“We Dont All Have AIDS” – December 7, 2005 — BEFORE fashion designer Kenneth Cole is heaped with more praise for his “We All Have AIDS” campaign, which is supposedly raising awareness of the disease, maybe he should consult with Tom Bethell, author of “The Politically Incorrect Guide to Sci ence” (Regnery), which is on ama zon.com. Elizabeth Taylor, Tom Hanks, Sir Elton John, Richard Gere, Natasha Richardson and Sharon Stone should read it, too, since they are appearing in ads under the “We All Have AIDS” banner. Bethell claims AIDS in Africa has been vastly overre ported since 1985, when the World Health Organization decided “a combi nation of the following symptoms would suffice for an AIDS diagnosis: weight loss, fever, diarrhea, swollen glands, a cough, prolonged fatigue.” Bethell re ports in The American Spectator that the real problem is lack of clean drink ing water in sub-Saharan Africa, which leads to a horrifying smorgasbord of infections, parasites and disease. Such conditions render HIV tests unreliable. “About 70 conditions have been shown to trigger a false positive, so the test is essentially useless in countries where bacterial contamination is endemic,” Bethell writes. “Therefore, AIDS in Africa has never been shown to be the same as AIDS here . . . The sheer dishonesty of the New York Times and other media in not reporting these facts is hard to take.”

Bethell devotes a chapter to exposing the claims of African AIDS as a blatant fiction, as well as presenting the case against all the usual suspects among pc paradigms that are taken for granted by the art and humanities crowd and the liberal media, who take any critique as evidence of right wing proclivities or selling out to industry. Among the topics: global warming, endangered species, DDT, nuclear power,cloning, stem cells, evolution and intelligent design.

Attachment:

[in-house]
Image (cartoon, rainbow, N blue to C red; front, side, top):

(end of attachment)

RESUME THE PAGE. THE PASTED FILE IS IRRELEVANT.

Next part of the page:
Bethell’s major theme is the way science has become distorted by politics, and his treatment of African AIDS is precisely what Peter Duesberg and his colleagues have elucidated in the scientific literature (he also follows Duesberg in a critique of cancer research as having wasted time for twenty five years following a mirage in oncogenes).

However, like many authors who have critiqued HIV-AIDS ideology in one dimension or another – such as Michael Fumento or Robert Root-Bernstein – he never grasps the real nettle. He does not question HIV as the cause of immune deficiency. Given the lethal politics of the issue, it may be that all these authors, who otherwise find it so easy to lift the veil of politics from the true face of science, prefer to win a battle than to lose a war in AIDS. Whatever the reason, it is a pity that their courage or their intellect fails them.

Bethell’s chapter on evolution vs intelligent design in the classroom is also oddly weak, since though he has a very good grasp of the debate and its many aspects, he seems to feel that the inability of evolutionary theory to provide a working mechanism that explains the origin of species admits the possibility that evolution may be wrong. He doesn’t specifically say this, but he leaves a large gate open for intelligent design to drive through and take over.

Evidently Bethell’s thinking is driven by more than pure faith in science allied to a healthy political skepticism. But for all that, he has written what is currently the best introduction to the flip side of the major pc paradigms promoted by scientists and reported uncritically by most of the mainstream media.